The Declaration of Independence
When in the course of human events . . .
Representing New York at the Continental Congress
Born: December 12, 1745
Schooling: King's (Columbia) College (Lawyer, Judge)
Work: Member of the New York Committee of Correspondence, 1774; Delegate to the Continental Congress, 1774-76; Member of the New York Constitutional Convention, First Chief Justice of New York, 1777; Delegate and elected President of Continental Congress, 1778; Minister to Spain, 1779, Minister to treat the peace with Great Britain, 1782; Secretary of Foreign Affairs, 1784; Contributor to The Federalist, 1788; First Chief Justice of the Supreme Court of the United States, 1789; Negotiator of Jay Treaty with Great Britain, 1794; Elected Governor of New York, 1797-1801.
Died: May 17, 1829
John Jay showed promise of an extraordinary life at a very young age indeed. He attended an exclusive boarding school in New Rochelle, New York at age eight, and proceeded to King's College (now Columbia University) at age fourteen. He graduated with highest honors in 1764 and proceeded to the study of law under Benjamin Kissam. He was admitted to the Bar of New York in 1768. In early 1774 he was one of the most prominent members of the New York Committee of Correspondence.
In September of that year he attended the First Continental Congress as the second youngest member, at age twenty eight. His authorship of the Address to the People of Great Britain, published by the first Continental Congress perhaps belied his resolute opinion for reconciliation with Gr. Britain. He retired from the Congress in 1776 rather than sign the Declaration of Independence. He became deeply involved in the development of a new state government for New York. In 1777 he attended the New York constitutional convention, and was selected to draft that constitution. He then served a the first Chief Justice of the state. He also served as a member of the state Council of Safety, acting as the sole council when the Legislature was not in session. He was again elected to the Continental Congress in 1778 and was voted president of that body upon arrival.
In 1779 Jay was appointed Minister to Spain in order to seek recognition of Colonial Independence, financial aid, and commercial treaties. In 1782 Jay, along with Adams, Franklin, and Laurens signed the treaty of peace with Great Britain. When he returned to Congress, he had already been appointed Secretary of Foreign Affairs.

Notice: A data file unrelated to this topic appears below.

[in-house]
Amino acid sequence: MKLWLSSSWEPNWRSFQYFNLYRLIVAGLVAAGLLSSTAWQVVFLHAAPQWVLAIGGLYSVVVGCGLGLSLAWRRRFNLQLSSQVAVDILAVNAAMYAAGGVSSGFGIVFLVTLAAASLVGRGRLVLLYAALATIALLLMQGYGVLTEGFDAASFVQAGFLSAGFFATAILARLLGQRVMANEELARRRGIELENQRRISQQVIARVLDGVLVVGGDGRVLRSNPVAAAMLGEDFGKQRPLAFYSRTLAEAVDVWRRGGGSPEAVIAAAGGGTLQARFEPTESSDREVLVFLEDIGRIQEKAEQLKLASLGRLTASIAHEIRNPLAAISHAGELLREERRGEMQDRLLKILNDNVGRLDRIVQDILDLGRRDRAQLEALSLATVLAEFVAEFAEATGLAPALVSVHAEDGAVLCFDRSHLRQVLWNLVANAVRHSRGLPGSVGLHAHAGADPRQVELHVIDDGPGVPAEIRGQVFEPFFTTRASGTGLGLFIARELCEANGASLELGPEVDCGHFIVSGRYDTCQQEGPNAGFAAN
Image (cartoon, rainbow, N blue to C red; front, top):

In 1787 Jay authored three of the articles now collectively called The Federalist, in which he, James Madison, and Alexander Hamilton argued effectively in support of the ratification of the new Federal Constitution. In 1789, Washington appointed him Chief Justice to the Supreme Court under the new federal constitution. In 1794 he was appointed an envoy extraordinary to Great Britain, in order to seek a resolution to continuing conflicts on the western border, and in commercial relations. The result of this was the Jay Treaty, which proved very unpopular with the public, but was nonetheless approved of by the Washington administration. Upon his return home Jay found that, in his absence, he had been elected Governor of New York. Fellow Federalist Alexander Hamilton had secured his election in an effort to strengthen the party in New York. Jay withstood a great deal of party maneuvering and political trickery, earning respect form his friends and enemies alike. He was a very popular Governor who fought for many political reforms including judicial reform, penal reform and the abolition of slavery. He undertook extensive road and canal projects to improve the economy of his state. He retired from public life in 1801. President John Adams tried to appoint him to the Supreme Court again that year, but owing to the illness of his wife, Jay declined the office. Jay died on May 17, 1829 having survived his wife and both of his partners in The Federalist.